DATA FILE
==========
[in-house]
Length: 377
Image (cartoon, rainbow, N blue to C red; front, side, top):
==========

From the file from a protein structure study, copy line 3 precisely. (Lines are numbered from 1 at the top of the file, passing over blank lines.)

Image (cartoon, rainbow, N blue to C red; front, side, top):